My system has two filters - a clarifier, and a "pad" filter.  However, the material that accumulates in the clarifier filter is NOT discarded.  It is dumped into one of the gravel grow beds so it can be decomposed by worms.  The reason it is taken out by the clarifier filter only to be dumped back in the system is so that it does not accumulate in the sump.  Once it is in the gravel beds, which are essentially giant filters themselves, I have little worries about it re-entering the system without decomposing and dissolving first.  The material that is caught by the "pad" filter is thrown away, but only because there is no easy way we have found to get it off the filter pads and into the gravel grow beds very easilly. Otherwise, I'd recycle that, too.  The "pad" filter only filters the portion of water that enters the floating raft portion of the set up.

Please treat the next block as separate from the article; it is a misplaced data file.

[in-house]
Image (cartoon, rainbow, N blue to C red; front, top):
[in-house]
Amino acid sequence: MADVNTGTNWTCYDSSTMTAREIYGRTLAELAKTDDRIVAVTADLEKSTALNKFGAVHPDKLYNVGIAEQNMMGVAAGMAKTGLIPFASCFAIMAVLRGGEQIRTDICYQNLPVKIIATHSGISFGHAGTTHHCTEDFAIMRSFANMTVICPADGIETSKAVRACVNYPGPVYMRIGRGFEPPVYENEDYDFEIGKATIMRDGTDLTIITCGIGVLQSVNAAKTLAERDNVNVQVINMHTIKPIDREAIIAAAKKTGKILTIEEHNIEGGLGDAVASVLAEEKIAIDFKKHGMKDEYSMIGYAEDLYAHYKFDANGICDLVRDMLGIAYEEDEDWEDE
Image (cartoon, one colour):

I have noticed some people with AP systems try much too hard to keep everything clean and filter the heck out of their water.  This is especially true of people with hydroponics backgrounds.  The nice thing about aquaponics is that you can get pretty damn messy and not worry so much about keeping things "clean".  "Dirty", in a biological system/environment to me means something that cannot be eaten (builds up as waste which can become toxic) or that causes desease.  In an aquaponics system, it turns out, almost everything can be and is eaten!  As for desease-causing organisms, of course desease can occur in these systems, but it is much less likely to break out because there are so many natural antagonists present in the form of competeing organisms. 

Below is the video version of most of what's above.  It is waaay longer than I expected/planned, so my apologies.  The point of these blogs posts and videos isn't solely to drive you into a comma! ;)